So, for instance, if you watch the average romantic comedy, ladies just need to be aware of the pornified expectations that might shape their initial assessment of people. Instead of, sort of, a certain body shape, so much, as it might be with men, maybe it’s a certain personality or a certain style of romantic consideration. What’s missing from your average romantic comedy is a value that says, “Actually, when I read the Bible, and I read, for instance, the Book of Proverbs about what a man in his prime ought to be, a man who fears the lord, a man who works hard, a man who does what is right, a man who doesn’t take a bribe, a man who just has all the things that conform to God’s values displayed there.” And then Proverbs 31 gives the female version of that, of a woman who fears the Lord. But if you actually read Proverbs 31 for the values that it lifts up as most attractive, here’s at least one surprising thing. A woman who fears the Lord is displayed primarily in her industriousness, in her work, in her labor, in her strength, actually. In her valiance. Two thirds of the verses that are talking about this Proverbs 31 woman are dedicated to the fact that she is smart, and works hard, and is productive in those ways. If you look at that value system, and then you look at what’s valued in terms of the priority structures of what we find attractive in our pornified culture, that does not line up.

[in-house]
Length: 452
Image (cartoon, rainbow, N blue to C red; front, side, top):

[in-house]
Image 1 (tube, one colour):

And so, the question is, how do I move from here to here? And it’s through reading the Scripture enough to where the heart of God, the values of God come to map and have authority over mine. And that happens in the context of a culture where there are people valuing, in the folks you know, what God values, and drawing your attention to those things. In the context of that input into your life, do you actually start to make wiser choices when it comes to who I ought to pursue, or who I ought to allow to pursue me?